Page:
In today’s challenging business landscape, organisations are grappling with record-low unemployment, talent shortages, and skill gaps. In response, HR leaders are seeking innovative strategies to attract and retain suitable candidates. One such solution lies in the investment of upskilling and reskilling existing employees. Today, we will explore the value of these strategies, discuss their differences, and outline best practices for implementing successful upskilling and reskilling programs.
By investing in learning and development (L&D), organisations can optimise their resources and retain talented individuals. Research shows that employees who receive promotions have spent significantly more time in training, highlighting the value of upskilling. These programs not only save costs associated with recruitment and onboarding but also lead to increased employee engagement, motivation, and higher retention rates.
Understanding Upskilling and Reskilling
Upskilling involves expanding an employee’s existing skill set, enabling them to enhance their performance in their current role and progress along their career path.
Reskilling, on the other hand, entails learning new skills outside the scope of the employee’s current skill set, potentially leading to lateral career movement or adaptation to organisational changes.
While both strategies contribute to talent development, they differ in the nature of the skills acquired and the end goal of the learning process.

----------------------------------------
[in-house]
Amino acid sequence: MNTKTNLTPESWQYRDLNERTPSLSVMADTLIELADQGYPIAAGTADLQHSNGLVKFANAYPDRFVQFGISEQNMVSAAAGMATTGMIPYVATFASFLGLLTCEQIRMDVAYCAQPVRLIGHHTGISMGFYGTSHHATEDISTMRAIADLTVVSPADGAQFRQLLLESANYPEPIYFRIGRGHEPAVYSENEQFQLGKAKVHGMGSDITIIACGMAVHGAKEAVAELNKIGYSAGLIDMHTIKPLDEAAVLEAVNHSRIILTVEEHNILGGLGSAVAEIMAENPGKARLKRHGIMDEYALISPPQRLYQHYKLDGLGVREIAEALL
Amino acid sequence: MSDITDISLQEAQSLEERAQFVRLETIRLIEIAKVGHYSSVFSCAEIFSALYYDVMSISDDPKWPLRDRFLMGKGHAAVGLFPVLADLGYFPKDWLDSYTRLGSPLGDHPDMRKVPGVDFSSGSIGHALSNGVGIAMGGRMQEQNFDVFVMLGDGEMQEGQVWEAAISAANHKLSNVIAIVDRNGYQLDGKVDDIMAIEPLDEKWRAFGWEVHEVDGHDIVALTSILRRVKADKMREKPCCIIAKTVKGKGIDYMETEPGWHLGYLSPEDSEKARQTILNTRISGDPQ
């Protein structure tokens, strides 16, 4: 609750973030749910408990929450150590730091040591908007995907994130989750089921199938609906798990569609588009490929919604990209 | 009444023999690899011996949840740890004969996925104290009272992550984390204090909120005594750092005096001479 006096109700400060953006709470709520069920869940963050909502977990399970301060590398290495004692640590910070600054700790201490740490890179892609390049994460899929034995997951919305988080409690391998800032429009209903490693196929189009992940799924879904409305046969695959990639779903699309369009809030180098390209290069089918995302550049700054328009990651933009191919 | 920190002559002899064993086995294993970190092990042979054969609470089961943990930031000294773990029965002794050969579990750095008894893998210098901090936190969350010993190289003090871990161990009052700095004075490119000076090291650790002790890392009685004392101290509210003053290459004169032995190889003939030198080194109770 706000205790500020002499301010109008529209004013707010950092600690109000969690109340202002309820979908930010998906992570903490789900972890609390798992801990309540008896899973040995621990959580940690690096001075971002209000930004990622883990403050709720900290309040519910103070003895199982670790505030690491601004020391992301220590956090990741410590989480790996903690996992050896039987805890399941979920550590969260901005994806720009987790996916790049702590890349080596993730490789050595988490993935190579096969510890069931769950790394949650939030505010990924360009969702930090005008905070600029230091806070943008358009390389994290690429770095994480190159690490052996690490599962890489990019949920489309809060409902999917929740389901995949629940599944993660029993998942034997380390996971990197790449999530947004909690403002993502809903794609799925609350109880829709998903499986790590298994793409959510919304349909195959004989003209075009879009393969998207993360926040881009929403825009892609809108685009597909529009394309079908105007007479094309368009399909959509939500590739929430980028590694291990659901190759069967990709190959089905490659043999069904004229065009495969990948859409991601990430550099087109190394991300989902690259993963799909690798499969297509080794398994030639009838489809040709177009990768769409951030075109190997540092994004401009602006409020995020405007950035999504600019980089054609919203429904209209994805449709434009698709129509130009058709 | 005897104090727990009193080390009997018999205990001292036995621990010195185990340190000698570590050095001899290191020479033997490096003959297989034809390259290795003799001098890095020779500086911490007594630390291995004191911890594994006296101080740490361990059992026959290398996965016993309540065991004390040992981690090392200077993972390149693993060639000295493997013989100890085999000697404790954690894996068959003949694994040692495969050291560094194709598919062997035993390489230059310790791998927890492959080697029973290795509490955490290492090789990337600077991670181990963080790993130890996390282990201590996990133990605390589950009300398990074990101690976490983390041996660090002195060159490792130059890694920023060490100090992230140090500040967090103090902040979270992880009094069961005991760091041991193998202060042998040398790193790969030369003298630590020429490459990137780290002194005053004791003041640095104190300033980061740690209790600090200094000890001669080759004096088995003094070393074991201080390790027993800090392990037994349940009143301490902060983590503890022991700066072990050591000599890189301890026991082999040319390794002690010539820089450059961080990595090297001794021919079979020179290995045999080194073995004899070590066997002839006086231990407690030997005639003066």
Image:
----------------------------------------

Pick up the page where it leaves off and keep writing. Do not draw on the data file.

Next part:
Strategies for Successful Upskilling and Reskilling
To implement effective upskilling and reskilling programs, organisations can follow these strategies:
- Assess the skills gap: Evaluate the current skills of employees and identify the areas that need development to meet organisational needs. This assessment can be conducted through surveys, performance reviews, or skills assessments.
- Develop a training plan: Create a comprehensive training plan based on the skills gap analysis. The plan should outline the skills to be developed, training methods to be used, and the timeline for training. Consider areas such as leadership development, technical skills, and company compliance requirements.
- Select appropriate learning methods: Choose learning methods that suit employees’ needs, skills, competencies, and learning styles. This can include on-the-job training, classroom training, mentoring, coaching, job shadowing, or other suitable methods.
- Provide feedback and support: Offer regular feedback and support to employees throughout the learning process. This helps them improve their skills, stay motivated, and apply their newly acquired knowledge effectively.
- Evaluate effectiveness: After completing the learning and development activities, evaluate their effectiveness by assessing whether employees have acquired the new skills, behaviours, and competencies. Determine how they have applied these skills in their work and how they will be used in their new roles.
- Encourage ongoing learning: Foster a culture of continuous learning by providing opportunities for employees to attend conferences, workshops, and other training programs. Managers and leaders should actively encourage participation in L&D activities and make it a visible part of performance expectations.
Best Practice Examples